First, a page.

Nikola Zunic opened his new Napa business, Nikola Zunic Acupuncture and Massage, just five months ago.
But he’s no stranger to the work.
Zunic’s training includes a Master of Science in Traditional Chinese Medicine from the American College of Traditional Chinese Medicine, an internship at the Chinese Medical Herb Farm in Petaluma and 450 clinic and classroom hours at the Henan University of Traditional Chinese Medicine in Zheng Zhou, China.
As a licensed acupuncturist and massage therapist, “I have experience treating allergies, auto-immune issues, (a) wide variety of pain, headaches, insomnia, digestive issues, depression...to name a few,” he said.
Zunic immigrated to the U.S. from Croatia in 1994, when he was 9 years old.
1. What was your first job?
My first job, officially, was at Peet’s Coffee and Tea in San Francisco.
2. What’s the worst job you ever had?
I can’t say I ever had a “worst job.” It is a really silly way to look at one’s life.
Some were dull, like data entry (and) some tried my patience, but I have to say I was honestly grateful to have it at the end of the day.
3. What job would you like to try/not try?
I would love to have a farm.
When I was a boy in Croatia I grew up around farming and wine making. The farm would be modeled after a forest. You could kind of think of it as a forest garden, not really a farm. The concept looks at the approximate seven layers found in forests, utilizing the synergistic growth of plants, and creating a productive, nearly self-sustaining eco-system.
A job I would never want to try is to be a press secretary for the current administration, or for anyone else, really. Speaking for someone else, especially someone with so much responsibility, seems like a farce.
4. How did you get into this business/industry?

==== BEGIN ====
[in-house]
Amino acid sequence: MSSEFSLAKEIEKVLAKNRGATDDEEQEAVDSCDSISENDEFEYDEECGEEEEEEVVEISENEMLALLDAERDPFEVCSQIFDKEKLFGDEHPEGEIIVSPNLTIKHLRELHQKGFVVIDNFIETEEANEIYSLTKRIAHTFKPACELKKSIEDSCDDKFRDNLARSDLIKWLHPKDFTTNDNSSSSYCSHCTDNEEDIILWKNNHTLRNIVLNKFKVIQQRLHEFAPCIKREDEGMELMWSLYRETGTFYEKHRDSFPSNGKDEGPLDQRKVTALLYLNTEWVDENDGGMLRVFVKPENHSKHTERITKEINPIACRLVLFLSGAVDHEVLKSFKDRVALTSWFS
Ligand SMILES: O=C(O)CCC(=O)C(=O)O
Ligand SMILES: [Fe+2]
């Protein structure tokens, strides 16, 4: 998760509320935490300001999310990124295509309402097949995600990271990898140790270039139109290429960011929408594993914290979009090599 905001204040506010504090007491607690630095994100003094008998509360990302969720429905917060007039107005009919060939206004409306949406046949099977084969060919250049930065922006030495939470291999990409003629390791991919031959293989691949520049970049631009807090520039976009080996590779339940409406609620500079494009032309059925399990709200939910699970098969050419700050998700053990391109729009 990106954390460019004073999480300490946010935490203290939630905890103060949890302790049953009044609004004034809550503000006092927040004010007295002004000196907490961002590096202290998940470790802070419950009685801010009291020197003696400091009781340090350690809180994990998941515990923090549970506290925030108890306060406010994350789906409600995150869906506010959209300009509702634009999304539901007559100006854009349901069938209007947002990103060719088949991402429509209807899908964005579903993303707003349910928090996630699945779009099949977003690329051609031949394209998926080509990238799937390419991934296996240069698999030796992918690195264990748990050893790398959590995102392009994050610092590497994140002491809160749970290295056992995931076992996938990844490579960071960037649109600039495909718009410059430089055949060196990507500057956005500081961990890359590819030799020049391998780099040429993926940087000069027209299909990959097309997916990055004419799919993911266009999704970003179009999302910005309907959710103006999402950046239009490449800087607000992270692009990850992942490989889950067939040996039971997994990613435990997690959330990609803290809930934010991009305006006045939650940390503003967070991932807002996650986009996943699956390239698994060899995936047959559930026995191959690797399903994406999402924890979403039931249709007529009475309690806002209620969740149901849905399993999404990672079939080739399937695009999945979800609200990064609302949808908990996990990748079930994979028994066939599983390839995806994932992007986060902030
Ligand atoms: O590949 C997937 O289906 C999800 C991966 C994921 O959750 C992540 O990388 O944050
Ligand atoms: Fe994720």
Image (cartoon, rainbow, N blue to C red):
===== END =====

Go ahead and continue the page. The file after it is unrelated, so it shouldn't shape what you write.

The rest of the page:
I found the path I was on not leading me to where I wanted to go. At the behest of a good friend, I decided to go back to school to study something that will help myself and those around me. I found that studying Chinese medicine and philosophy.
5. What is the biggest challenge your industry has faced?
The biggest challenge acupuncture has faced and is facing is to find acceptance from the mainstream of medical practice.
6. Who do you most admire in the business world?
I admire my teacher from the American College of Traditional Chinese Medicine, Zhu Bai Bing.
He grew up in China (and) was a barefoot doctor, meaning at an age of maybe 16 or 17 he got a manual on how to perform acupuncture, administer antibiotics and basically be a healer, and was sent to the countryside to help people.
Dr. Zhu then came to the U.S. and was able to start his own clinic and teach the medicine to others. His humbleness and presence had a deep impact on my studies.
7. If you could change one thing about your industry, what would it be?
I do not know. I am very green to it and have much to learn before making suggestions about change.
8. What’s something people might be surprised to know about you?
Well since most people do not know me, probably a lot of things. I like to go fishing, but have not caught a fish in years.
9. What is one thing you hope to accomplish in your lifetime that you haven’t yet?
I want to be able to speak and read Mandarin, more specifically classical Chinese medical texts.
10. If you could be anywhere right now, where would you be?
I am pretty content with where I am. Keeping the heart present where you are allows you to appreciate and live your life.